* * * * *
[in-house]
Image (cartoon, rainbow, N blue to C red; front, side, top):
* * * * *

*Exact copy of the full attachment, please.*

[in-house]
Image (cartoon, rainbow, N blue to C red; front, side, top):